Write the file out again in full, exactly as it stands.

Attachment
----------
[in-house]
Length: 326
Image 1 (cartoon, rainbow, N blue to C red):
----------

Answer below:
[in-house]
Length: 326
Image 1 (cartoon, rainbow, N blue to C red):